Dissociated rat dorsal root ganglia (DRG) neuron cultures were received and maintained for 72 hours on Alpha 1 and Alpha 2 scaffolds and Col I gels (controls) with and without a laminin precoating.
Interestingly, both Alpha 1, as seen in Figure 6A, and Alpha 2, as seen in Figure 6B, substrates permitted attachment of DRG neurons and neurite sprouting with no need for laminin coating.
Figure 6. Alpha 1 and Alpha 2 are suitable substrates for neuronal cultures allowing neurite outgrowth without the need of biological ECM coatings. A–C) Rat DRG neurons successfully attached to Alpha 1 and Alpha 2 hydrogels, without any need of laminin coating, which is normally a requirement for any nonbiological substrate. A dense network of neurites was observed on both SAPs and on Col I control gels. D–F) When laminin precoating was applied, the density of the neurite network was increased on all substrates. G–I) Successful cocultures of hdASC and rat DRG neurons were established on all substrates, and close interactions between neuronal extensions and hdASC were observed (see higher magnification inserts). Scale bars 100 μm. Image Credit: Manchester BIOGEL
Alpha 1 permitted greater neurite length and branching in comparison to Alpha 2. When an application of a coating of extracellular matrix was used before cell seeding (Figure 6D–F), the neurite network was denser in comparison to bare substrates.
Finally, coculture experiments were performed in which rat DRG neurons were plated on substrates that were pre-seeded with GFP-labeled human hdASCs.
DRG neurons effectively attached to Alpha 1 (Figure 6G) and Alpha 2 (Figure 6H) hydrogels and sprouted neurites that made positive contacts with the pre-seeded hdASCs (see insets in Figure 6 panels G and H for higher magnification images); this was comparable to that seen on the biological extracellular matrix molecules (ECM) Col I, as shown in Figure 6I.
Functionally active DRG eurons on Alpha 1 and Alpha 2 substrates
For confirmation to verify that DRG neurons hold functionality when cultured on Peptigels, cytosolic Ca2+ concentration ([Ca2+]i ) was measured after stimulation with 50 × 10−3 M KCl. DRG neurons were seeded on Alpha 1 and Alpha 2 hydrogels and permitted to sprout neurites over 48–72 hours, as shown in Figure 7A.
Figure 7. DRG neurons elicit action potentials when cultured on Alpha 1 and Alpha 2 hydrogels. A) DRG cultures were established on Alpha 1 (left) and Alpha 2 (right) and allowed to sprout neurites for 72 h. B) Cells were loaded with Fluo-4 and following KCl 50 × 10−3 challenge C) they showed an increase in Ca2+-dependent intracellular fluorescence (yellow arrows). D) Representative high magnification images of DRG neurons before (left) and during (right) KCl stimulation and corresponding trace showing an increase in [Ca2+]i measured within the regions of interest (red dotted circles). Scale bars 100 μm. Image Credit: Manchester BIOGEL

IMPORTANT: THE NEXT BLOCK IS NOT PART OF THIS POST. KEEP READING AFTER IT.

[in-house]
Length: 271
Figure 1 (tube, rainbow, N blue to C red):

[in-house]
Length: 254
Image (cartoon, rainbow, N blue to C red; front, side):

Following loading the cultures with Fluo4-AM (Figure 7B), cells were tested with KCl 50 × 10−3 M to lead to membrane depolarization, induce action potentials, and to create inward calcium influx.
Several DRG neurons on both hydrogel substrates replied to KCl challenge with a prominent increase in [Ca2+]i, as depicted by yellow arrows in Figure 7C. The increase in [Ca2+]i was fast and followed by recovery, as shown in the Videos S3 and S4 (Supporting Information).
The time course of [Ca2+]i dynamics, evaluated from higher magnifications images, is shown in Figure 7D (regions of interests, red dotted circles, were positioned within the DRG cytoplasm).
Functional outcomes for PNI patients validate the requirement for a change in clinical management. Therapies that are currently available are limited to surgical repair with unsatisfactory outcomes, have a major impact on the quality of life of patients, and have high costs socioeconomically.
As with several other fields, stem cell therapies signify a new and promising method for the treatment of PNI.
Particularly, adipose-derived stem cells are plentiful, easily expandable, and exhibited great promise in nerve regeneration improvements in a variety of in vitro and in vivo models. However, many disadvantages are significantly delaying the path able to take ASC therapies into clinical use.
Despite the increasing body of experimental literature supporting the effectiveness of ASC intervention, serious uncertainties persist concerning ASC survival after transplantation in vivo, and of ASC regenerative phenotype maintenance.
Reports show survival rates of transplanted cells at the injury site of a damaged nerve to be as little as 0.5%, and two weeks following transplantation ASCs are undetectable in the regenerating nerve.
It is suggested that this is due to the hostile environment of the injury milieu with inflammatory molecules in abundance and the occurrence of high concentrations of adenosine triphosphate, which has been revealed to induce cell death via P27X receptors in ASCs and Schwann cells.
As a method to enhance the survival of cells, continued research is focusing on designing optimized cell delivery approaches, including novel smart biomaterials.
Stem cells are required to be delivered to the site of injury for peripheral nerve repair and effort is being made to imitate the environment of an injured nerve in terms of chemical properties (ECM environment, bioactive moieties, and charge), and mechanical characteristics (stiffness, physical structure, and degradation profile).
This study examined the suitability of SAP hydrogel substrates to cultivate ASC and neuronal cells in order to exploit these novel biomaterials for the engineering of nerve tissues.
Previously, SAP hydrogels have been used for similar applications. RADA16-I, also known as BD Puramatrix, is a β-sheet SAP that has been effectively used to deliver SCs within membrane conduits to repair 10 mm rat sciatic nerve gaps, resulting in improved regeneration distances.
More recently, RADA-16 has been successfully functionalized for improved regeneration outcomes with functional moieties such as IKAV, RGD, BMHP1, demonstrating the versatility of this approach.